Adverse events related to intravenous antibiotic therapy: a prospective observational study in the treatment of infective endocarditis

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Intravenous literature: De Paula, D.H., Tura, B.R. and Lamas Cda, C. (2012) Adverse events related to intravenous antibiotic therapy: a prospective observational study in the treatment of infective endocarditis. BMJ Open. 26;2(5). pii: e001189. doi: 10.1136/bmjopen-2012-001189.

Abstract:

OBJECTIVE: The goal of this prospective observational study was to identify adverse events (AEs) related to the use of intravenous access sites used for infective endocarditis (IE) treatment in a tertiary care hospital.

DESIGN: This is an observational, analytical and prospective study on AEs resulting from the use of intravenous access sites in patients under antimicrobial treatment for IE. Patients enrolled in the International Collaboration on Endocarditis (ICE) study had their peripheral, short-term central catheters (CVC) and peripherally inserted central catheters (PICC) monitored for AEs.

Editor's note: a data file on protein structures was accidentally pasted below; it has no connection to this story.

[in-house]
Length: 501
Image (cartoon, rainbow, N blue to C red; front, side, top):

SETTING: Tertiary care hospital for cardiac surgery in Rio de Janeiro, Brazil.

PATIENTS: Patients over 14 years of age, hospitalised in 2009 and 2010 with possible or definite criteria for IE by the modified Duke criteria were included.

MAIN OUTCOME MEASURES: AEs related to intravenous catheters: erythema and infiltration, fever, obstruction, externalisation and blood stream infection.

RESULTS: Thirty-seven episodes of IE in 35 patients were studied. Mean patient age was 44.32±15.2 years; 22 (63%) were men. The number of vascular catheters studied were 253, 148 of which were peripheral, 85 CVC (21 of which for haemodialysis) and 20 PICC. The most frequent AEs were ‘erythema’ and ‘infiltration’ for peripheral catheters, ‘fever’ for CVCs and ‘obstruction’ and ‘externalisation’ for PICCs. The number of catheter-days was 360 for peripheral catheters, 1.156 for CVC and 420 for PICC. Kaplan-Meier curves for CVC and PICC showed statistical difference for obstruction (p

CONCLUSIONS: The choice of intravenous access sites is critical in the treatment of IE. Close observation for AEs and stricter implementation of infection control measures and better manipulation of catheters are suggested.

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